6. 6. Making goodThis is a good time to make any repairs to the walls, or evenapply a first coat of paint. Re-flooring, boxing in pipes orgetting any professional help such as an electrician orplumber should also be considered at this stage.4 - Installing your new kitchenStarting in the corner where you plan to begin yourinstallation, use your spirit level to ascertain if the floor islevel. If not, mark the highest point of the floor on the wall(1).From this mark, measure up 870mm for the height of yourTake Away base cabinets (includes 150mm to allow forplinths or legs). Then make a level line for the top of thebase cabinets - mark level lines for the top and bottom ofthe wall cabinets at the right height for you.Double check your level lines to make sure they are straightand level. This will ensure that your cabinets are straight,even if your walls are not.5 - Cabinet assemblyAlthough the units are easy to put together, do read theassembly instructions before you start work as youll bemore familiar with the task in hand.In the unlikely event that you ever get stuck, call the B&Qhelpline on 01769 575500 from 8.30am - 5.30pm Monday toFriday.Hints & Tips • Clear a large area to assemble and store new cabinets. • Do not attempt to lift or carry boxes alone. • Open one box at a time and assemble each cabinet before moving on to the next. • Avoid scratching surfaces by assembling on a carpet
  7. 7. or on an empty cardboard box. • Match each assembled cabinet to the corresponding door by sticking on masking tape and then numbering.6 - Installing base and wall cabinets Installing wall cabinets Work methodically, starting with a corner cabinet and working out in both directions. Make sure someone is there to assist you and steady the cabinets while you check levels and fixings (2).Hints & Tips • Make sure the unit is pulled out from the corner to match your layout plans and template lines. • On plasterboard walls, use cavity wall fixings to attach cabinets if the fixing positions do not coincide with wall studs. • Check adjoining cabinets are level and straight before moving on to the next cabinet. Fix the bracket to the wall (3), hang the cabinet and then adjust the screws that affix to the bracket to ensure its level (4) and as close to the wall as is possible. Your spirit level is essential!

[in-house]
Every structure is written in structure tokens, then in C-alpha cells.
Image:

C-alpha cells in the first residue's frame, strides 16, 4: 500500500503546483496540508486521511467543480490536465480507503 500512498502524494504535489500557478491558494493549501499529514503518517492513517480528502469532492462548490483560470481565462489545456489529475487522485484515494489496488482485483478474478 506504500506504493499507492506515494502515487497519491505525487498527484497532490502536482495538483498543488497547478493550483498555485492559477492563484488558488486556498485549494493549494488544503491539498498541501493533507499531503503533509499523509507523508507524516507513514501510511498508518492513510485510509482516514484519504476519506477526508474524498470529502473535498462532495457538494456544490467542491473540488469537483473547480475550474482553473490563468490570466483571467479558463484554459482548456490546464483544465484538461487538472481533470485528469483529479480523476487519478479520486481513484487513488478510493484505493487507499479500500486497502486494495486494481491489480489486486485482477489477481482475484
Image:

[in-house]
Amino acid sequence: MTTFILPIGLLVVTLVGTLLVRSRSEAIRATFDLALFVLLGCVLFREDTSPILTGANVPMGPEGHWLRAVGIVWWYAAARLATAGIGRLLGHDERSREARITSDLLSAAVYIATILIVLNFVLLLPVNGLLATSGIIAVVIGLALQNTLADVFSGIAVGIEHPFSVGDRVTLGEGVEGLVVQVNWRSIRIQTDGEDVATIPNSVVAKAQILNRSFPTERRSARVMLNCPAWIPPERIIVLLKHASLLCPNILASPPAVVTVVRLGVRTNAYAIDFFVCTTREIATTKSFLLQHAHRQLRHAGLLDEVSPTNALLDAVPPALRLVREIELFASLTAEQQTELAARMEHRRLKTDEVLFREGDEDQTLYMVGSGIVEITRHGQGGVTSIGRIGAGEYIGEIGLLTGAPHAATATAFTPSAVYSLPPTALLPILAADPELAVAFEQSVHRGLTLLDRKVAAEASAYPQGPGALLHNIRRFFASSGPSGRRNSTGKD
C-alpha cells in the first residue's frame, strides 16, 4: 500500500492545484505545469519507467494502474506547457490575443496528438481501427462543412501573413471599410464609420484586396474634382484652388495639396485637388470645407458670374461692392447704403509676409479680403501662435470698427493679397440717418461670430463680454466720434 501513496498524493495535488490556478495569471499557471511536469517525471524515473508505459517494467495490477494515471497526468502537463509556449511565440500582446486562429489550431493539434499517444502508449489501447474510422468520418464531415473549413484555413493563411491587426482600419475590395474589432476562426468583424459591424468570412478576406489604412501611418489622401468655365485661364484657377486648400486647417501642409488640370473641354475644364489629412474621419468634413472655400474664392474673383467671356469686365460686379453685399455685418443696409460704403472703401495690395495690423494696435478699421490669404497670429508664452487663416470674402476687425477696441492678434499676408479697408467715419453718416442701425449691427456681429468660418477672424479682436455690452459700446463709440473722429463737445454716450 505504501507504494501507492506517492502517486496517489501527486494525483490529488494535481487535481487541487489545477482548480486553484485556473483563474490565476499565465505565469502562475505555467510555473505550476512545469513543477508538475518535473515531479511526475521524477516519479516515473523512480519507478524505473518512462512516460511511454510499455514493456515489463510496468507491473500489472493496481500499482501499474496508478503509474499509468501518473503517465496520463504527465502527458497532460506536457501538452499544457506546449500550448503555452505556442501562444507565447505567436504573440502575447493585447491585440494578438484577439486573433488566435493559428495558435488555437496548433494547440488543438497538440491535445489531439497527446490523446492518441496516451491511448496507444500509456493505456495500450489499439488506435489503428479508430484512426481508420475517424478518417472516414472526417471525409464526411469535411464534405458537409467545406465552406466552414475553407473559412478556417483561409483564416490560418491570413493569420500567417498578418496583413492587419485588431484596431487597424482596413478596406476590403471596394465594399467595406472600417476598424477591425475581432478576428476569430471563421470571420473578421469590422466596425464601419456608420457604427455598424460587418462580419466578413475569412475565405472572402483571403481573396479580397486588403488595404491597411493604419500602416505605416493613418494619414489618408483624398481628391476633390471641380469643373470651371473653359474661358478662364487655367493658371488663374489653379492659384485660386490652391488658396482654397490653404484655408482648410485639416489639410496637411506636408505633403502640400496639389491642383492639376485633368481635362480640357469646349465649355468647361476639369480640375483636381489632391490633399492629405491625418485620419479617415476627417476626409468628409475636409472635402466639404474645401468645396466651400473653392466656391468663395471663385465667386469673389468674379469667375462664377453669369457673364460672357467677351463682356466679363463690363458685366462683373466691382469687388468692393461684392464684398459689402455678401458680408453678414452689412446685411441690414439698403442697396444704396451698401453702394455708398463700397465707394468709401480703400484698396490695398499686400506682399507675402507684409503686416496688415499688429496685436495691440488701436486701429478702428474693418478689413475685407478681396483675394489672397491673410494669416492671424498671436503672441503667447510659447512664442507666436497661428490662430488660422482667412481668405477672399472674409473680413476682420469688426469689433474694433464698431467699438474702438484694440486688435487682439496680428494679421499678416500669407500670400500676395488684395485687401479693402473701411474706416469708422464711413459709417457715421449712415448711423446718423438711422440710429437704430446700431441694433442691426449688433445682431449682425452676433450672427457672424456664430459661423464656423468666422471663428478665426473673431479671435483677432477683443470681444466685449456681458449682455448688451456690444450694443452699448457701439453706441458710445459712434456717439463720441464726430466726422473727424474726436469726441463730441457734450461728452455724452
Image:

8. 8. Installing base cabinetsBegin in the same corner as you did when fitting your wallcabinets. Make sure the cabinet matches your plan - and iscorrectly positioned according to the wall cabinet. Once again, you need to make sure that the first cabinet is level (5), even if your floor isnt - follow the marking lines.Leave the doors and shelves until last, as it is easier to adjustan empty unit!Before affixing the cabinet to the wall, rotate the legs to adjustthe height (6), making sure the units are level. Once the heightmatches the marking line or other units and is level then usethe appropriate fittings to secure cabinet to the wall.
  9. 9. Hints & tips • Do not screw cabinets tight to wall until levels of adjoining cabinets are checked. • Drill holes for pipes before installing the sink cabinet.7 - Installing worktopsIf the kitchen is fitted with three worktops i.e. one at theend and the other two running at right angles to it, you willneed to install the end one first.Measure the distance from the wall to the edge of thecabinets and cut the worktop to the required length, allowingfor any defects in the walls or awkward angles. If in doubtcut a template of any odd shapes.When all the worktops are cut, fit the joining strips to theworktops using silicone sealant to seal the ends and edges ofthe worktops. Position the worktops on the base units andcheck that they all fit.Fix the worktops down using suitably sized woodscrews andcheck the joints to make certain they are level and square.You will need to cut out areas for hobs and sinks etc. beforefinally fixing the worktop.Worktops can also be jointed with mitre joints andconnecting bolts. However this is best carried out by acarpenter as it requires special tools and a high level of skill.
  10. 10. 8 - Installing an inset sink and tapsThe tools you require and the amount of plumbing neededwill vary depending on the type of sink and taps you havechosen.Start by carefully measuring up, marking out the sink outline- a template is usually provided with the sink. Rememberyoure not measuring out to the full width/length of the sinkas a lip around it will hold it in place. Once marked out,carefully cut out with a jigsaw.With the sink on its face, seal around the rim. Fit thesecuring clips to the sink - this ensures the sink is firmlyattached to the worktop. Now is the time to fit your taps,following the instructions you receive in the packaging.Mixer tap tips • Look to see whether the hot pipe is on the left as you look at the sink (7). • When undoing the cap nuts of each connector and youve slipped the nut and olive onto each pipe, use a spring-clip clothes-peg below each pipe to stop them slipping off. • Read and fully understand the instructions before you start.